The book world has this super magical, amazing thing called ARCs.
They are great. Really. And I didn’t even know they existed before I started blogging. Look at all I was missing out on !!!! For all my newbie blogger friends, this post is for you! You won’t miss out on precious months of ARC reading because you didn’t know what they were.
ARCs have also been the source of a lot of controversy in the book world. Are they a good thing???? A bad thing???? A bit of both???? I am in the mixed feelings camp. ARCs are great! They’re fun! But they also can cause so much stress. And jealousy. And be disappointing. This post will discuss the good, the bad, and the ugly parts of ARCs.
Before I can discuss all the components of ARCs, however, I should define it! ARCs are Advanced Reader Copies distributed by publishers or the authors to bloggers or book tubers in exchange for an honest review. Publishers and authors tend to use ARCs as a way to build hype for their upcoming book. Sometimes, they actually take the criticisms in your review into consideration and change the book! I know personally, in my Prodigy Prince review, I mentioned wanting more background into the political environment of the setting, and the lovely author emailed me to inform me that she added an explanation, as well as sent the explanation to me! This was a pretty gratifying moment, as I saw that book bloggers actually do have some power????
There are two forms of ARCs- eARCs and physical ARCs. The majority of ARCs I receive are eARCs, which I get on Netgalley. Netgalley is a website where publishers post books that are open for reviewing, and you can request them. Then, the publishers either deny your request or accept it. If you’re accepted, you just have to post a review on the website and link them to where you post other reviews. It’s super easy, free,
and a hole. Seriously though, when you first happen upon Netgalley it seems like a cornucopia of endless choices, but do not request every book you see because then you end up with tens of books to review and you are only actually interested in five of them, and it becomes a chore, not a pleasure.
I heard there’s also another website, Edelweiss, to get eArcs from, but I personally have never used it, so I can’t offer advice for it.
Then there are the physical ARCs. There are a little bit of a magical unicorn to me, because free physical books???? That’s amazing. And it’s always seemed super hard for me to get. For the one physical ARC I received, I was actually contacted by the author through my blog (which can sometimes happen and is super exciting!). The wonderful Heather has a super great post about how to receive Physical ARCs, which I personally find super helpful and hope to put into practice.
So now that you know what ARCs are and where to get them, it’s time to discuss all the good aspects of ARCs. And trust me, there is a lot.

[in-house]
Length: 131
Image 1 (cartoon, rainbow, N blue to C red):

- Free books!
- Is there anything better than free books?
- Getting to read the book early so you feel #supercool
- Helping to market books
- Your review can actually have the power to change the book before it is officially published
- You can establish relationships with authors and publishers which is always fun!
- If it is highly anticipated, you’ll get a ton of reads
As you can see, there are a ton of reasons why ARCs are good and magical and amazing and why they are super fun to request.
Butttt, it isn’t all sunshine and puppies and rainbows.
- Sometimes ARCs are ill formatted. This might just bug me but like the spacing is wrong or there are a ton of grammatical errors and that makes it so hard to get through the book.
- You can go through requesting binges and request too much and then fall behind on your reviews and then slowly get crushed by the evergrowing pile of reviews you have to do
- Your ARCs will take precedent over your TBR (sometimes, like if the publishing date is close) and then you are less excited tor read it.
- It does NOT vibe well for mood readers because ARCs have deadlines,,,,
- Sometimes you read a very meh book and you just have no opinion on it??? But you still have to review it??
- Unless the ARC is super highly anticipated, they tend to get the worst stats, since no one has heard of it? Which sucks because sometimes you might really enjoy it.
A lot of these are minor problems that really aren’t deal breakers, but definitely stuff to keep in mind.
Aaaand we get to the ugly. For me, there is really only one component of ARCs that I would classify as ugly: The ARC jealousy. You know, that moment where there’s a book that everyone and their mother wants (like Warcross or Renegades or something like that) and obviously not everyone can read it for free because then nobody makes money !!! So some people get a book and some people don’t and that leads to the horrible ARC jealousy. Where you look at the other blogs who got the book that you really wanted and evil thoughts start coming into your mind like “They don’t even deserve that book” or “My blog is bigger and better than theirs anyway”. And that sucks because it completely defeats the purpose of the whole book blogging community! We’re supposed to all be fangirling over books together, not getting catty behind each other’s backs because we are jealous someone received a book we didn’t.
The end! I hope I’ve enlightened some of my fellow bloggers on all the pros and cons of ARCs, as well as explained it to some of the newbies like me who were completely clueless when blogs would talk about receiving ARCs or writing ARC reviews.
What do you think about ARCs? Are they positive, negative, or both? Do you have tips for requesting physical ARCs? Have you ever felt ARC jealousy?